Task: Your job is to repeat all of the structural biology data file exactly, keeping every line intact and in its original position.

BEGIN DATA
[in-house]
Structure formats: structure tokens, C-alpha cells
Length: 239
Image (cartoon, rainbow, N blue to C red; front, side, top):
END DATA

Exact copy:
[in-house]
Structure formats: structure tokens, C-alpha cells
Length: 239
Image (cartoon, rainbow, N blue to C red; front, side, top):